For my own portfolios we took profits in an "over-weighted" position on large cap oil companies during the first week of the Iraq War. We do not know what OPEC will do. We do not know what free flowing Iraqi oil will do to the market. I have no clue as to whether a Bush energy policy regarding ethanol, natural gas, strategic reserves, and hybrid fuels for autos is policy or politics or both. Homey don't play that game. We moved our money elsewhere.

As Western European economies were more recession resistant in 2001-02 we also overweighted international quality stock funds. Most concentrations were European with some Australian stocks, but we stayed away from Latin America and northern Asia.

In the past month with a rising Euro making it more difficult for European producers to sell their goods anywhere, and unemployment holding at unacceptably high levels in France and Germany, we liquidated all of these positions as well.

We also cut back 50 to 75 percent of allocations in aggressive growth, small and mid-cap, and pure growth funds.

We are staying 30-45 percent in short-maturity high-grade corporate and government agency bonds, and moving most of our equity money into "total return" funds or equivalents. These funds carry category names such as "asset allocation," "total return," "balanced," "equity income," or "growth and income" by most major fund families.

In individual accounts we replicate the same stratgegies.

I like to look at the top 10 holdings in each of these portfolios, and also the sectors of concentration. If a majority of the sectors and stock favors are the same core issues we use in the accounts we personally manage, we will use these portfolios.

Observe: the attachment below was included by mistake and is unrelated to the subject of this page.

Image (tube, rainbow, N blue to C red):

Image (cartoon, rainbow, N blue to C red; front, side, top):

My personal strategy is to "park" large amounts of money in more conservative portfolios which pick up dividends no matter what happens to stock prices. Having locked in gains of, say, 20 percent for the year, I will give up the "home run" for the rest of the year for singles and doubles.

If my prediction is correct, and we retrace to January's levels, a portion of my 2003 gains will be retained as the more conservative and less volatile "total return" strategy mixes capital gains with interest and dividends.

There is no question that if we trade sideways into November and December, I will move substantial allocations back to a more aggressive stance ahead of the crowd expected to jump on a 2004 improving economic bandwagon.

I have intentionally not included NASDAQ stocks in this mix. With the exception for a few blue chip surrogates such as Microsoft and Dell, I view the OTC market as a highly speculative and under-regulated environment for traders and speculators, but not for my clients.

Mark Scheinbaum is chief investment strategist for Kaplan & Co. Securities, of Boca Raton, Fla., members, Boston Stock Exchange, NASD, SIPC, and a certified NASD arbitrator. He owns no individual stocks personally or for members of his family and buys only investment-grade, flexible premium, tax-deferred variable annuities for personal and retirement investments.

Copyright 2006 Joe Shea The American Reporter. All Rights Reserved.